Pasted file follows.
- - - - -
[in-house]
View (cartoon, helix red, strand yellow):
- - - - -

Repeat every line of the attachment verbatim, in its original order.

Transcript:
[in-house]
View (cartoon, helix red, strand yellow):